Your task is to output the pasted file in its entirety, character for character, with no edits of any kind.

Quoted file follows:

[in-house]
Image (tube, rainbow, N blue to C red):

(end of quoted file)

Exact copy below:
[in-house]
Image (tube, rainbow, N blue to C red):